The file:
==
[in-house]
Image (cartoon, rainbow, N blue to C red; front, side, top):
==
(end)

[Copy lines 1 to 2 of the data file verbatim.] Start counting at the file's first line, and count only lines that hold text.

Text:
[in-house]
Image (cartoon, rainbow, N blue to C red; front, side, top):